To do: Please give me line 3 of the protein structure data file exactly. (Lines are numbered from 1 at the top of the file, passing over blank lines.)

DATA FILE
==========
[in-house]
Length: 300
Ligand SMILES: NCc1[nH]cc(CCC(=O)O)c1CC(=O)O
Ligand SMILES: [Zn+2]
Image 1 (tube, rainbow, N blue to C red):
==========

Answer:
Ligand SMILES: NCc1[nH]cc(CCC(=O)O)c1CC(=O)O